Assorted Spins – Space Guitars & Miracle Workers

 Rope Rhythms

Playlist: Assorted Spins: Space Guitars & Miracle Workers
Original blog Post: Rope Rhythms Assorted Spins Vol.2

I Ain’t No Miracle Worker  –  The Brogues
The Brogues were in existence for a mere year, between 1964 and 1965 and recorded only six tracks, of which ‘I Aint No Miracle Worker’ is probably their best known, thanks to its appearance on the Nuggets compilation. This cut kicks us off with slinky bass and shuffling drums, all fuzzing guitars and Rick Campbell’s dirty organ, it is built round the crescendo of its somewhat brief chorus. As with all garage tracks it is preoccupied with a problematic woman, “oh lord I aint no miracle man!!!!!!!” wails the singer (possibly Gary Duncan). Two of the band, including Duncan, would later form the better known prog effort Quicksilver Messenger Service.

Slow Down  –  Larry Williams
Infamously covered by the Beatles (the track kicked-off side B of their Long Tall Sally EP), this is the original cut by Larry Williams. Full of fat brass and rollicking pianos it can’t fail to get your fat-ass jiggling.  Originally released in 1958, this song was extremely popular and influential on the burgeoning rock ‘n’ roll idiom and has subsequently been covered by The Jam (on their debut LP) and Led Zeppelin.

Those DJ Shows  –  Patrice Holloway
Younger sister to the more noted Brenda Holloway, Patrice also had a brief contract with Motown, though they failed to release any of her recordings. Holloway went on to record for Capitol and in the seventies became a minor hit on the Northern Soul scene. This track was released in 2002 on the Richard Searling compiled A Cellarfull of Motown album and possibly bears a passing resemblance to another Motown hit, ‘Shop Around’ (well, a bit). Holloway is perhaps more memorable for her role as the singing voice for Valerie in the 1970 TV series Josie and The Pussycats (and spin-off LP). She also sang backing vocals with her sister on Joe Cocker’s cumbersome rockist cover of ‘With A little Help From My Friends’.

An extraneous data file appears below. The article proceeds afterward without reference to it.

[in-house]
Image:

Mercy, Mercy, Mercy – Johnny Guitar Watson
Johnny ‘Guitar’ Watson was a seriously hip cat who not only worked with many talented musicians, but had many high quality LPs of his own. His best work, however, was when he paired up with Larry Williams (also featured above). The subsequent album, Two For The Price of One, is packed full of rockin’ soul gems including this reworking of a 1966 jazz tune. Originally written by Joe Zawinul for Julian ‘Cannonball’ Adderley it was a surprise hit and the instrumental was covered by many groups, with added lyrics, including this effort by Williams & Watson the year after its initial release.

May I Baby – Sam & Dave
Sam Moore and Dave Prater performed together for twenty years, managing to make two fairly boring christian names synonymous with stomping Stax soul. The B-side to ‘Soul Man’, ‘May I Baby’ also followed their most famous hit single immediately as track two on their 1967 LP Soul Men. Though more mellow than the former song, it was also a firm live favourite and was co-penned by Prater and soul legend-cum-former South Parker, Issac Hayes.

You Told Me – The Monkees
With a guitar intro reminiscent of The Who’s ‘Pinball Wizard’, though two years it’s senior, this track begins The Monkees’ third album, Headquarters. Produced by Chip Douglas (of the Modern Folk Quartet and The Turtles) the album was the first to feature material largely written and performed by the group themselves. This number was one of three penned by Michael Nesmith and it he who takes the lead vocal. The spoken word, counting introduction supposedly parodies the Beatles ‘Taxman from the previous year, though it could just be a coincidence. The Monkees have gained more recognition in recent years for their work, but by way of perspective, Headquarters was released in May 1967, hitting the number 1 spot instantly… but was displaced a week later by Sgt Pepper’s Lonely Hearts Club Band.

Tomorrow’s Gonna Be Another Day – The Shadows of Knight